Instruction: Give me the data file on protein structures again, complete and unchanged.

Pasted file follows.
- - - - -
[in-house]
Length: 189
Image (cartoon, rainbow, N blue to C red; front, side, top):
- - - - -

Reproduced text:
[in-house]
Length: 189
Image (cartoon, rainbow, N blue to C red; front, side, top):